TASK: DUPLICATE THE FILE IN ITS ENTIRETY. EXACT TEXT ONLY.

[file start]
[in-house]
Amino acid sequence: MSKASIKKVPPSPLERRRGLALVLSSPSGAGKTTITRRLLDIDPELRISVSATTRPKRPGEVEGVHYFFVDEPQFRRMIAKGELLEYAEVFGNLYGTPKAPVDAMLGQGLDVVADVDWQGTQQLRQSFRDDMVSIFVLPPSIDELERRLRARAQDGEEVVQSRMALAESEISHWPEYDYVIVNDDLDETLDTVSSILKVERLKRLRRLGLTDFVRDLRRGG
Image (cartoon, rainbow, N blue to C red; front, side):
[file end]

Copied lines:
[in-house]
Amino acid sequence: MSKASIKKVPPSPLERRRGLALVLSSPSGAGKTTITRRLLDIDPELRISVSATTRPKRPGEVEGVHYFFVDEPQFRRMIAKGELLEYAEVFGNLYGTPKAPVDAMLGQGLDVVADVDWQGTQQLRQSFRDDMVSIFVLPPSIDELERRLRARAQDGEEVVQSRMALAESEISHWPEYDYVIVNDDLDETLDTVSSILKVERLKRLRRLGLTDFVRDLRRGG
Image (cartoon, rainbow, N blue to C red; front, side):